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Queerer Things

June 7, 2018

 

“If that's being queer, then we could do with a bit more queerness in these parts.” 
― J.R.R. Tolkien, Lord of the Rings

 

Queer is a loaded word. For some, it's an ugly slur. For others, it's a reclaimed and broadly inclusive way to refer to those of us who aren't heterosexual and/or cisgender.  


I consider myself part of the latter group. 

 

As I say on the About Me page I have a love/hate relationship with labels.  They are a two-edged sword and as such can be used to help or hurt. But when you exist outside of certain societal expectations chosen labels can be a godsend.

 

Cis/hetero folks sometimes don't realize how beneficial labels can be for the rest of us, largely because for a long time the word that described them, if anything, has been 'normal'. They haven't needed to use clinical terms to defend their existence or find community. Some even resist being referred to as cisgender at all.

 

There's a discomfort with having that identity dissected the way marginalized groups are used to having our identities dissected. As a result some perceive all labels as a negative thing. It can be like white people claiming not to see color; a way of politely avoiding introspection. But labels can help us understand ourselves in a world that politely avoids introspection. 

 

I can't think of many LGBTQIA+ identifiers that haven't been used by bullies and oppressors as a negative. In my own life I was bullied more with the word 'gay' (which is not considered a slur) to my face than I ever have been via 'queer' but it's very much still in use by friends and foes alike. In fact all of the umbrella terms have been identifiers from the outside and never originally intended to be flattering. But then they were reclaimed and taken away from our abusers. Vicious weapons turned into rainbow shields.

 

As society and science understand more about the gender spectrum and orientation the alphabet soup of LGBTQIA+ gets unwieldy and I find 'queer' far less of a mouthful. The old guard chant of "We're Here, We're Queer, Get Used To It!" speaks to me. I even enjoy the quaint old-time-y sound of the word. "How queer." Like Alice in Wonderland. It doesn't hurt me, it empowers me. It gives me strength and comfort where other words feel limiting and slightly inaccurate.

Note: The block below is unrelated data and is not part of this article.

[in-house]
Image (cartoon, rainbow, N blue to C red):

My personal relationship with the word 'queer' is a cozy one. It just so neatly describes so much of me all at once in a quaint and radical way.

 

It describes my orientation as a nonbinary/agender individual, since gay or bi don't quite feel accurate these days (although I will sometimes default to gay to save time in explaining this). It describes my interests and aesthetics- I adore surrealism, mythic cryptids, people dressing flamboyantly, eccentricity, human absurdity, dandyism, magical realism, folk horror, practical effects, reptiles, etc.  Much of the media I enjoy and consume could be referred to as some definition of 'queer'.

 

Queer can mean weird and off-kilter and, having shed being ashamed of the harmlessly 'weird' things I love and am, I've embraced my own queerness. It's been enormously freeing and good for my well being. I no longer care if someone thinks I'm strange, flamboyant, and a weirdo. I am! And I love it. I finally love me. It's hard to express what a long hard road it's been to be able to say that.

 

Queerness embodies that love and acceptance of my authentic self. As such, it's not a word I can be hurt by anymore. It's helped me. It's mine. It's beautiful. I've become immune.  

 

Embracing my queerness has been life saving. It's changed my life for the better and the word cannot be used as a slur toward me. It's not my sword, it's my shield.

 

An aegis, if you will.

 

 I thought I wouldn't bring mythology into this one yet here we are.

 

 

Now, all that being said, I wouldn't refer to another person as queer unless they explicitly had a similar comfort level with the word.  I respect the feelings and personal traumas of people who've been abused by it and don't feel the empowering connection to it that I do. Words are powerful and the impact they have can be deeply individual. 

 

If someone doesn't want to be called something, then don't call them that. Full stop. I get why people are reticent to use the q-word. That bit just comes down to respect and common courtesy.  It's understandable to err on the side of caution.

 

But when someone identifies as queer? It's not a self-dis or a lack of self esteem. For us, it's concise, beautiful, and valid.

 

We're here. We're queer.

Get used to it.

 

 

 

 

 

 

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